In the fifty odd years from Roggeveen in 1722 to Cook in 1774 the total population apparently declined from a few thousand to just several hundred, and in the brief four years between Gonzalez to Cook the ‘tall leaders of European-appearance’ disappeared altogether. There had been an internal conflict in which, modern archaeological research suggests, the many so-called Hanau epe ‘stout’ [short] people prevailed over the few Hanau momoko ‘long’ [tall] people. Heyerdahl’s investigations in 1955-56 confirmed a very strong native tradition that the island had been settled by two distinct races which he characterised as the Hanau momoko (short-ears) and Hanau eepe (long-ears). The ‘long’ people were called oho-tea … ‘the light haired’ white people, many with red hair. There was a decisive battle in which the many ‘short’ people defeated the few ‘long’ people, down to the last man.  The last of the lords were destroyed, not by the gods but by mere men.
But much worse was to follow. In the succeeding 100 odd years the Rapa Nui were subjected to a sorry tale of European contact. A trail of more explorers, followed by whalers, missionaries, slavers, and land-grabbers bearing the usual benefits of civilisation … blankets, bullets, Bibles and disease. Especially disease; smallpox and tuberculosis. In 1862 the island was raided by Peruvian slavers and about half the population was forcibly removed into slavery, including the last ariki who died in slavery in Peru. The first missionary, French Catholic friar Eugene Eyraud, arrived in 1864 carrying with him tuberculosis … which later spread and in 1867 killed about a quarter of the remaining population, including Manu Rangi the young son of the last Ariki … the very last member of the royal family. He was doubly doomed … his mind lost to Christianity and his body to tuberculosis. By 1868 the entire remaining population was sadly converted to Roman Catholicism.
Then another Frenchman, Jean-Baptiste Dutrou-Bournier, after a dubious career arms trading in Peru, arrived on Rapa Nui with the ambition of ‘cleansing’ the native population and establishing a sheep station … in which he succeeded on both counts. Except for the mission site he acquired the whole island and turned it into a sheep farm. In 1871 the missionaries and their faithful evacuated to French Polynesia and by 1878 there remained only 111 native people on Rapa Nui, mostly old men, of whom only 36 had dependants.  The population and their heritage were lost.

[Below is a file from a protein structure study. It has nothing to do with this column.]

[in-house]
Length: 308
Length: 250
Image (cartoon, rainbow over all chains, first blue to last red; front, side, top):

Where there were once hundreds of wooden rongorongo bearing hieroglyphic writing, now only a few examples remained. When a new discovery was made in 1868 enquiries were made of an elder as to what they meant and why they were apparently neglected. To which the parish priest Eugene Eyraud replied, disingenuously, that they were only ever understood by a few Ariki … of whom the last had been killed by the Peruvian slavers. Since the rongorongo were now of no consequence they had been used as firewood.
After little more than 100 years of European contact everything was gone; the people and their heritage actively destroyed by civilisation. Only a few moai statues of the ancestors remained standing.
From behind his inscrutable gaze Aeneas looked down and wept for his people.
 Numbers, 36; Genesis, 24,28
 Blust, R. A. 2007. “Proto-Oceanic *mana Revisited”. Oceanic Linguistics. 46 (2)
Codrington, 1891. The Melanesians: Studies in Their Anthropology and Folk-lore
Tylor, E. B, 2010. Primitive Culture: Researches Into the Development of Mythology, Philosophy, Religion, Art, and Custom.
 Heyerdahl, Aku-aku, (from records of the Roggeveen and Gonzalez visits to Easter Is in Vol xiii of the Hakluyt Society, Cambridge, 1908)
 Heyerdahl, Aku-aku, The secret of Easter Island.
 Fischer, 2005. Island at the end of the World – The Turbulent History of Easter Island. Routledge, The Mystery of Easter Island